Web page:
Originally Posted by kennyt
Um, I have to disagree with this statement.
In general, the more 'ways' a speaker is, the more difficult it is to make the speaker balanced across the spectrum and the crossover gets way more difficult, causing a loss in efficiency usually. I have had four and five ways and even two ways, many still hold true to single driver speakers, at huge cost. Clearly their is debate at best on this topic.
I think generalizations like these are dangerous, particularly to a newbie how doesn't have the years of experience in this field.
I think you are looking at how many, though certainly not all, speaker lines increase in 'ways' as you progress up the line, and you are extrapolating that thus this improves sound, and I think this is an inaccurate step of logic.
You are absolutely right about generalizations. My point in my explanation was to provide some background on speakers. I am a DJ / Producer, so I know ALL about sound quality, as it is ESSENTIAL in my field. As far as my studio system, I have different sized monitors, different sized subs, and crossovers to cover every frequency possible of music.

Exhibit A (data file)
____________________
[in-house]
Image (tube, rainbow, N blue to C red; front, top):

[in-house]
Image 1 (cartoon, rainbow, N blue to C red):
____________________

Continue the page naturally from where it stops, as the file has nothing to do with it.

My approach was more budget-friendly, for people who don't have tens of thousands to invest in equiptment of the sort. And for that reason, yes, generally, a 3-way alone will sound better than a 2-way alone because the built-in crossovers send certain frequencies to certain drivers, leading to more accurate sound.
Just think of the contrast. You have a 1-way as a center...... Example..... Vin Desiels voice is deeper than lets say Jessica Alba. So in this case, yes, a 2-way will sound better than the 1-way in the sense that the tweeter will balance out the frequencies in voices.
Another example, a bomb dropping.. Imagine the sound of the bomb dropping through the air (high frequency sound), then the contact with the ground (lower-mid-bass) and the rumble of the ground after the impact (low frequency). 1-Way? won't handle this much of the spectrum. 2-Way? A little better, because the bass goes to the woofer, and the snare goes to the tweeter. 3-Way? Could possibly be a tweeter, mid-range, and woofer (see how we're separating the frequencies so each driver has a task rather than one driver having more responsiblilty?)
Think of it as a workplace. Lets say... a real estate agency. One agent, managing a business (broker), keeping track of records (secretary), and showing property (agent).